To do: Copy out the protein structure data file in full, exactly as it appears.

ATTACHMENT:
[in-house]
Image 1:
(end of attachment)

[in-house]
Image 1: